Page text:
|Name||Abbotsweld Primary School Closed|
|Ofsted Inspection Rating||Requires improvement|
|Inspection Date||16 January 2014|
|Address||Partridge Road, Harlow, Essex, CM18 6TE|
|Phone Number||01279 630120|
|Religious Character||Not applicable|
|Number of Pupils||289|
Information about this school
The school is an averaged-sized primary school. The large majority of pupils are from White British backgrounds. The proportions from minority ethnic groups and who speak English as an additional language are similar to those in most other schools. An above-average proportion of pupils are known to be eligible for the pupil premium, which provides additional funding for children known to be eligible for free school meals, in local authority care and those with a parent in the armed forces. The proportion of disabled pupils and those who have special educational needs supported through school action is above average. The proportion supported at school action plus or with a statement of special educational needs is broadly average. The school has a nurture group and a breakfast club. The school meets the government’s floor standard, which sets the minimum expectations for pupils’ attainment and progress. During the year 2012 to 2013 the school went through a turbulent time that affected both staff and children. During this time, some of the more-able pupils left the school.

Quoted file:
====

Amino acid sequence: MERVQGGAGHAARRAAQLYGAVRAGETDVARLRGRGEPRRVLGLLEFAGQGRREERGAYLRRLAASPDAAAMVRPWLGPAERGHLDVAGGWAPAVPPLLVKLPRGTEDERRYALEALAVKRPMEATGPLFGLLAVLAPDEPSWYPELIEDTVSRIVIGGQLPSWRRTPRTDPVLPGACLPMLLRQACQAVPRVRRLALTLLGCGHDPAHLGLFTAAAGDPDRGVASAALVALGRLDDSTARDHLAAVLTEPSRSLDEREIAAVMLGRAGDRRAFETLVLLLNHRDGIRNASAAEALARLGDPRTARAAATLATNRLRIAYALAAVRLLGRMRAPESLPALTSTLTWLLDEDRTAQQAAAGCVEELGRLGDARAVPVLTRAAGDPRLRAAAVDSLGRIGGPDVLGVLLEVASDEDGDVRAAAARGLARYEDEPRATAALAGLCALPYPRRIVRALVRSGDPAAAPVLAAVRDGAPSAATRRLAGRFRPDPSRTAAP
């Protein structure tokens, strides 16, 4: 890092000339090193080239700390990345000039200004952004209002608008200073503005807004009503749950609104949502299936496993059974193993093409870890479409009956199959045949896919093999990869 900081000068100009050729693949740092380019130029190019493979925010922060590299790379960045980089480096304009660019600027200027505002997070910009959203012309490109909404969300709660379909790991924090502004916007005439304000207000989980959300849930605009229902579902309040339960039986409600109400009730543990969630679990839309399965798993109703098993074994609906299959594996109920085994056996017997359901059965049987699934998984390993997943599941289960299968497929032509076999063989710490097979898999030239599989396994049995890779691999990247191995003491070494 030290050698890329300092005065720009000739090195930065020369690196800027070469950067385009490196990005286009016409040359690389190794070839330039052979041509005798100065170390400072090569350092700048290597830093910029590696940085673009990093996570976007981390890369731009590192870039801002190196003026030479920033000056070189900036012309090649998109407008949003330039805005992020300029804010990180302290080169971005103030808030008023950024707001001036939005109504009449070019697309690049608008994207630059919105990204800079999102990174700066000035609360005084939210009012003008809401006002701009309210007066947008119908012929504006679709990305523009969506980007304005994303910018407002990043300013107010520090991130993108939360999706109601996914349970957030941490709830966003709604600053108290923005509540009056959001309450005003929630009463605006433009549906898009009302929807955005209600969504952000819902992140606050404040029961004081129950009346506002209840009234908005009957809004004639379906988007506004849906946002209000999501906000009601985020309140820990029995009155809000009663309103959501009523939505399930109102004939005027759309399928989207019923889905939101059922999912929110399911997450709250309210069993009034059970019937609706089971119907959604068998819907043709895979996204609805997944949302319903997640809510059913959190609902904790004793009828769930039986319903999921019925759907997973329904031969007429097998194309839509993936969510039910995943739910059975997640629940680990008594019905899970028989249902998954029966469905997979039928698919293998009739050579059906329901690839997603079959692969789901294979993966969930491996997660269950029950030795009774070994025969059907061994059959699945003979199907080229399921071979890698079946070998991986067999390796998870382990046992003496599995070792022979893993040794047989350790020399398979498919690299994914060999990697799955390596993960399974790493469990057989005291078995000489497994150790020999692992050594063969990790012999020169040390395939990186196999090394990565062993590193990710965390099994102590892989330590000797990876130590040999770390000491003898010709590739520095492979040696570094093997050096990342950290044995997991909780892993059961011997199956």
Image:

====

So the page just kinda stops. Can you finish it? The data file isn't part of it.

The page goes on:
Summary of key findings for parents and pupils
This is a school that requires improvement. It is not yet good because : Teaching is not consistently good across the school. As a result, pupils’ achievement is not good in English and mathematics. Pupils’ attainment is well below the national averages in writing and grammar, and broadly average in reading and mathematics. Progress in Key Stage 1 is not rapid enough for children to reach standards expected nationally. Pupils do not make as much progress as they could in English and mathematics. Rates of progress in English and mathematics vary too much in Key Stage 1 and lower Key Stage 2, especially in writing. The marking policy is not consistently applied in some classes, which means that not all pupils get the advice and support they need to improve their work. Following the resignation of the governing body, a strategic management board has been put in place by the local authority. The school has the following strengths Progress at the top of Key Stage 2 is rapid and improving pupils’ standards. Relationships between adults and pupils and among staff are very good. Pupils behave well and have positive attitudes to their work. Spiritual, moral, social and cultural education is a strength of the school. Parents are very happy with the school. It provides a caring and secure environment for the pupils so that they feel safe. Bullying is rare and pupils are well behaved at all times.